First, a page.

It’s not just the marketing or youthful nature of the project that Professor Cameron takes issue with though: “We are fast learning that control of appetite is quite a complex process, and it’s not just to do with the stomach filling up. It’s a much more complex system that, which included things like the movement of your mouth and mastication to release hormones.”

Ashley Blackshaw, a professor in enteric neuroscience at Queen Mary, University of London, is also sceptical. He’s an expert in how food intake sends signals through the body and his major concern is that “all sorts of trace elements and phytochemicals, such as lycopene which is found in tomatoes, are missing” from Soylent.

These elements, he explains, are often found in plants and many are just beginning to be understood. Lycopene, found in tomatoes but missing from Soylent, for example, has been linked to lower rates of prostate cancer.

However Professor Blackshaw has even more serious concerns: “There’s the issue over the link between the efficient bacterial fermentation in the colon and cancer. Everything in there is very finely balanced and out gut has evolved over millions of years, and if I even had a suspicion of a history of colon cancer, I’d stay away from a product like this.”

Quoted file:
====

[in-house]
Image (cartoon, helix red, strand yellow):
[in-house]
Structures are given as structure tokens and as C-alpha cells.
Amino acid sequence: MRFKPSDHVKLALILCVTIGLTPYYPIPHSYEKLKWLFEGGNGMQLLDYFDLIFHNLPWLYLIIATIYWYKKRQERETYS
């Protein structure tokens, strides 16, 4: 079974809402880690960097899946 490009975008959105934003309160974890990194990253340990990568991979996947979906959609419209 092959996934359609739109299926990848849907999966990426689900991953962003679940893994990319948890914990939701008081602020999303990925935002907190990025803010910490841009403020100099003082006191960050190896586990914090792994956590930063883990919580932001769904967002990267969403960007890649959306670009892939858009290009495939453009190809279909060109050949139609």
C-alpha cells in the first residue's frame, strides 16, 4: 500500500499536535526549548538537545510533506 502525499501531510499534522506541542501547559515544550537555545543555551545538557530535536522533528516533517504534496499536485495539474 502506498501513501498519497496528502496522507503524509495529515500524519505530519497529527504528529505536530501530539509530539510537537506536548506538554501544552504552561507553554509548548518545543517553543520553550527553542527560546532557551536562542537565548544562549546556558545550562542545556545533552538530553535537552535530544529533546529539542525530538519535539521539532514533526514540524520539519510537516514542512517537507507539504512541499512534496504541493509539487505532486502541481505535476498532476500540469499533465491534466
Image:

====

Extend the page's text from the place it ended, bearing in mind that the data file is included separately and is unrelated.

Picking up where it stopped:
Most striking for many though will be the idea of abolishing enjoyment food. “There is more and more work being done on the links between food and mood,” says Professor Blackshaw. “A shortcut like Soylent throws all that out the window. We have to remember comfort food isn’t just a luxury to spoil ourselves with, but something that scientifically, we are increasingly seeing as something that should be part of our daily life.





Replies:
Posted By: nekamarie83
Date Posted: May 07 2014 at 10:40pm
Originally posted by PurplePhase PurplePhase wrote:

Who's ready? LOL
no. ma'am. Stern Smile

and for the sake of the thread: IT'S PEOPLE!! Pinch 

 LOL


Posted By: mizzsandra00
Date Posted: May 07 2014 at 10:42pm
White folk crazy.


Posted By: ModelessDiva